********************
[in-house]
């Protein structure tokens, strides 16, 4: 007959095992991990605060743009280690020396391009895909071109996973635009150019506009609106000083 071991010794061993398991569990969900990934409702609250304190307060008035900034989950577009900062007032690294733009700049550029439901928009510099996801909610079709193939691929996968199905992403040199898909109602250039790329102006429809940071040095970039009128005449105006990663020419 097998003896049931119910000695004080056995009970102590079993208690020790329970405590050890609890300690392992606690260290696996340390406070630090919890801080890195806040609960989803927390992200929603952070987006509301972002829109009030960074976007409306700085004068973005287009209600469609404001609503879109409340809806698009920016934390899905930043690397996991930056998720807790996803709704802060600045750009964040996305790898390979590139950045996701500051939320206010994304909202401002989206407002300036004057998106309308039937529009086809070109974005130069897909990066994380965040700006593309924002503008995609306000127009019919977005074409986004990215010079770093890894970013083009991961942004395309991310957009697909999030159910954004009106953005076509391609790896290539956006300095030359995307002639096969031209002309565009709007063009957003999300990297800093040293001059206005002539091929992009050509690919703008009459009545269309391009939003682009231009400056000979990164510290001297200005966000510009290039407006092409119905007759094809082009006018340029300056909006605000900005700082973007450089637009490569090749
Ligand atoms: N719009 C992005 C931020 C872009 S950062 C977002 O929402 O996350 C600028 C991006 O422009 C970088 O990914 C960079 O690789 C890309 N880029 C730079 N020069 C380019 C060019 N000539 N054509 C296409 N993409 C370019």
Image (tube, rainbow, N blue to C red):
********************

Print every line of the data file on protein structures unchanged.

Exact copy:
[in-house]
């Protein structure tokens, strides 16, 4: 007959095992991990605060743009280690020396391009895909071109996973635009150019506009609106000083 071991010794061993398991569990969900990934409702609250304190307060008035900034989950577009900062007032690294733009700049550029439901928009510099996801909610079709193939691929996968199905992403040199898909109602250039790329102006429809940071040095970039009128005449105006990663020419 097998003896049931119910000695004080056995009970102590079993208690020790329970405590050890609890300690392992606690260290696996340390406070630090919890801080890195806040609960989803927390992200929603952070987006509301972002829109009030960074976007409306700085004068973005287009209600469609404001609503879109409340809806698009920016934390899905930043690397996991930056998720807790996803709704802060600045750009964040996305790898390979590139950045996701500051939320206010994304909202401002989206407002300036004057998106309308039937529009086809070109974005130069897909990066994380965040700006593309924002503008995609306000127009019919977005074409986004990215010079770093890894970013083009991961942004395309991310957009697909999030159910954004009106953005076509391609790896290539956006300095030359995307002639096969031209002309565009709007063009957003999300990297800093040293001059206005002539091929992009050509690919703008009459009545269309391009939003682009231009400056000979990164510290001297200005966000510009290039407006092409119905007759094809082009006018340029300056909006605000900005700082973007450089637009490569090749
Ligand atoms: N719009 C992005 C931020 C872009 S950062 C977002 O929402 O996350 C600028 C991006 O422009 C970088 O990914 C960079 O690789 C890309 N880029 C730079 N020069 C380019 C060019 N000539 N054509 C296409 N993409 C370019």
Image (tube, rainbow, N blue to C red):